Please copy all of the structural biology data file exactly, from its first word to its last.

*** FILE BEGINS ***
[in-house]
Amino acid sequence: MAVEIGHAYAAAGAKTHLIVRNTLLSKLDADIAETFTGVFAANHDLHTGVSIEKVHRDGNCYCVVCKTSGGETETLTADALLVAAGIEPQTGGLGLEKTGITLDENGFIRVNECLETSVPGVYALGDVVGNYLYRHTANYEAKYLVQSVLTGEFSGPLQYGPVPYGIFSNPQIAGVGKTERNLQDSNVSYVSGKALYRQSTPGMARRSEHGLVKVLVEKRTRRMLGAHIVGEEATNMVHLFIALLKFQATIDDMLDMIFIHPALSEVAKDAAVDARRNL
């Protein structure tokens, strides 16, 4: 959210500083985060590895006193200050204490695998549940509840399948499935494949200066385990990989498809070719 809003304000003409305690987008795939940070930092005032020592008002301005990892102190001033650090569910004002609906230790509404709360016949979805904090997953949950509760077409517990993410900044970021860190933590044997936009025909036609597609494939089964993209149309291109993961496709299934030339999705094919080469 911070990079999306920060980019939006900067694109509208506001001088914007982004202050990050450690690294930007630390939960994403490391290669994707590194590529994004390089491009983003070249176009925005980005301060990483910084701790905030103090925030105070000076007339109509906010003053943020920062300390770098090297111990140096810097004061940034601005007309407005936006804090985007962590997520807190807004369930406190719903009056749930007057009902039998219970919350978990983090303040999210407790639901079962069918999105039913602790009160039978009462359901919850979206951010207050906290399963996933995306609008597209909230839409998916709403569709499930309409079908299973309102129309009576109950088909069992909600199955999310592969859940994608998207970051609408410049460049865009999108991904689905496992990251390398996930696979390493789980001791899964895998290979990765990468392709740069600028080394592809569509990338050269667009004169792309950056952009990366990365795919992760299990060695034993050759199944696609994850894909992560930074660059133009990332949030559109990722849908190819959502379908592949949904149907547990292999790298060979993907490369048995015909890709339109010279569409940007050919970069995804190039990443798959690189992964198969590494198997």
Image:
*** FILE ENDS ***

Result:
[in-house]
Amino acid sequence: MAVEIGHAYAAAGAKTHLIVRNTLLSKLDADIAETFTGVFAANHDLHTGVSIEKVHRDGNCYCVVCKTSGGETETLTADALLVAAGIEPQTGGLGLEKTGITLDENGFIRVNECLETSVPGVYALGDVVGNYLYRHTANYEAKYLVQSVLTGEFSGPLQYGPVPYGIFSNPQIAGVGKTERNLQDSNVSYVSGKALYRQSTPGMARRSEHGLVKVLVEKRTRRMLGAHIVGEEATNMVHLFIALLKFQATIDDMLDMIFIHPALSEVAKDAAVDARRNL
């Protein structure tokens, strides 16, 4: 959210500083985060590895006193200050204490695998549940509840399948499935494949200066385990990989498809070719 809003304000003409305690987008795939940070930092005032020592008002301005990892102190001033650090569910004002609906230790509404709360016949979805904090997953949950509760077409517990993410900044970021860190933590044997936009025909036609597609494939089964993209149309291109993961496709299934030339999705094919080469 911070990079999306920060980019939006900067694109509208506001001088914007982004202050990050450690690294930007630390939960994403490391290669994707590194590529994004390089491009983003070249176009925005980005301060990483910084701790905030103090925030105070000076007339109509906010003053943020920062300390770098090297111990140096810097004061940034601005007309407005936006804090985007962590997520807190807004369930406190719903009056749930007057009902039998219970919350978990983090303040999210407790639901079962069918999105039913602790009160039978009462359901919850979206951010207050906290399963996933995306609008597209909230839409998916709403569709499930309409079908299973309102129309009576109950088909069992909600199955999310592969859940994608998207970051609408410049460049865009999108991904689905496992990251390398996930696979390493789980001791899964895998290979990765990468392709740069600028080394592809569509990338050269667009004169792309950056952009990366990365795919992760299990060695034993050759199944696609994850894909992560930074660059133009990332949030559109990722849908190819959502379908592949949904149907547990292999790298060979993907490369048995015909890709339109010279569409940007050919970069995804190039990443798959690189992964198969590494198997």
Image: